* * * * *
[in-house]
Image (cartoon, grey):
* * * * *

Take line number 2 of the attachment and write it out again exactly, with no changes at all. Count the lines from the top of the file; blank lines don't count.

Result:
Image (cartoon, grey):